By Kimberly Mason
For The Chronicle
It’s almost time for an important annual birdwatching tradition, the Great Backyard Bird Count.
The results from past Bird Counts, 1998 through 2010, are available online. I spent a couple of hours last night poking through the data and came up with more questions than answers.
As Laurie Dils, an Olympia bird watcher that I interviewed for an upcoming feature on the event, said, “I’m learning so much more about my little chickadee group, learning about their behavior as I stop to count them.”
It is interesting to read about the bird counts and investigate what birds others around me or across the country are seeing at their own backyard bird feeders.
GBBC data is organized on the website by state, city, bird species and in many other ways. They show “top ten lists” from 1998 through 2010.
I found it interesting to note that in the state of Washington last year the dark-eyed junco landed on more checklists than any other bird. Out of the 2,467 checklists submitted, 1,643 of them included a junco.
More American crows were counted — 175,973 — but only the crow only made it to 984 of the checklists. And only 587 people turned in bird counts that included the European starling.
It makes me wonder, do people ignore the common (and often maligned) crows and starlings in their bird counts in favor of the more petite and beloved songbirds?
Washington birders reported seeing an average of 10 birds in a flock of juncos, and an average of 2 spotted
towhees per report. That all makes sense, considering the fact that a junco is a bird that likes to travel in flocks, and the towhee likes to pair off and live in a closely protected territory.
In the Lewis County area, Napavine led the way with seven birders turning in checklists, Rochester was a close second with six, Centralia and Winlock turned in four each. Adna and Curtis made three reports, Chehalis, Packwood and Randle submitted two checklists apiece and my little community of Cinebar had one lone reporter.
Look up the results for pine siskins in our area and you’ll see that Cinebar and Napavine seemed to corner the market on the voracious, friendly flocks, averaging 25 birds to a flock. But in the other communities there is a paltry showing of two.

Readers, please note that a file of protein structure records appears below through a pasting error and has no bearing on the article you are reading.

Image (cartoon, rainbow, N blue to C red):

As I’ve said before, I see pine siskins or I see them not at all at my own feeders. So it makes me wonder, do they have a large route that they follow? Hitting feeders and cleaning them out along the way as they make their way around the county? Maybe they send out a pair of them to scout the way and find the feeders with the finest fare and that accounts for the low numbers in the cities to the north?
The Adna reporters concentrated on a few interesting species — the tundra swan, snow goose, American kestrel and killdeer — while the counters in Curtis submitted a huge variety of species in their count, a whopping 18 different birds made their list.
The GBBC Top-10 lists are a fun way to highlight the count’s extremes and give you a great overall view of bird populations across the country.
In terms of overall numbers of birds counted, the American robin led the way by a huge margin with 1,850,082 individuals reported. The Canada goose was a distant second with reports of 748,356 birds. Snow goose, American crow, and European starling all came in with about 500,000 individuals each.
Washington state ranked fifth overall in the numbers of different species counted at 203. The only states that had more variety were southeast or southwestern states. We were also placed at an impressive fifth place for the sheer numbers of birds counted at 517,478.
For more information on the GBBC, go to www.birdsource.org/gbbc/.
The American robin
Nationwide, the American robin was far and away the most numerous bird counted during the 2010 Great Backyard Bird Count. In the state of Washington, the American robin is a distant second place behind the American crow.
Washington State backyard birders counted more American crows in the 2010 Great Backyard Bird Count than any other species. A grand total of 175,973 crows were counted. The American robin came in a distant second place at 73,172.
The tiny pine sisken
The tiny pine sisken is often seen in large groups. During the 2010 Great Backyard Bird Count, four backyard birders from Napavine reported seeing a total of 114 siskens. A bird counter in Cinebar reported seeing a flock of 21. Centralia reported four and Chehalis bird counters only reported seeing two pine siskins.
Kimberly Mason can be reached online at firstname.lastname@example.org.
About the Bird Count
By The Chronicle
The Great Backyard Bird Count, coming Feb. 18-21, is an annual four-day event that engages bird watchers of all ages in counting birds to create a real-time snapshot of where the birds are across the United States.
Anyone can participate, from beginning bird watchers to experts.
Watch The Chronicle’s Outdoors section for a deeper look at the event as it draws closer.